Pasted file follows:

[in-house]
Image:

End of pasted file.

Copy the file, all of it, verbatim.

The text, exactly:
[in-house]
Image: